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Steel structural beams under the Chicago elevated train.


Participatory Grantmaking engages people with lived experiences and greater proximity to racial injustice to identify funding priorities and allocate grant money.


Like most other family foundations, the Conant Family Foundation has an all-white, all-family, wealth-privileged board. While they are professionals in multiple fields, they aren't experts on all issues.

Sometimes the wisest decision a foundation can make is to move grantmaking decisions to those closer to the issue.

What follows is an overview of the 2023 Grants Team process. It has links to documents you can adapt. Most importantly, it includes messages from Team members themselves, describing their process and intentions. 

Interested in trying participatory grantmaking? Let us know how we can help!

1. Create the Budget

How much money will the participants be allocating? Will the grants be one-year or multi-year? 


Include funds to compensate participants. We provided $1500 each, but will likely increase this amount. 


Decide who will facilitate the process. If staff, do they have the experience and time available? If a consultant, factor in additional fees. Conant Family Foundation's executive director facilitates our PG process.


Consider funds for convenings or other in-person gatherings

2. Develop a Workplan

The workplan details all of the Grants Team's tasks. It also estimates how much time each step will take.


It allows prospective Team members to see what they will be doing and when. It's also an important tool for the facilitator, as it specifies the staff roles and responsibilities, too.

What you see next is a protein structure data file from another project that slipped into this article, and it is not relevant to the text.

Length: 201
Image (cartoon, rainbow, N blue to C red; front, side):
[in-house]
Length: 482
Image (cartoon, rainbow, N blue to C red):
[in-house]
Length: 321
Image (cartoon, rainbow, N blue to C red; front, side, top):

Having learned from previous rounds of participatory grantmaking, Leslie increased the specificity of the workplan and expanded the timeline in 2023 to allow more time for planning, reviewing and evaluating the process.

3. Assemble the Team

We prioritized Chicagoans who understood community organizing, had demonstrated commitments to racial justice, and who reflected the demographics of Chicago. 

Throughout the years we have requested nominations from a leadership program called Chicago United For Equity, Crossroads Fund's Giving Project, and a Block Club Chicago, a local independent news outlet. Now we ask past participants for nominations, too.


This cycle, we Interviewed eight nominees and invited five to join the Team. Past teams have been as big as 10 people but more people = harder to schedule meetings. Consistent participation is key.

4. Address Conflicts of Interest

Everyone has biases, including foundation board members! But there's a difference between bias and personal interest.


Just as foundations beware self-dealing, participants are asked to disclose any financial relationships to applicants.


We discuss the perception of a potential conflict of interest and provide opportunities for disclosure, recusal and abstention.


Context matters. With a policy that requires transparency and accountability, Team members can bring their insights and experiences into the process openly.

Because knowledge about the real work of an organization is an asset, not a liability.​

5. Identify Funding Priorities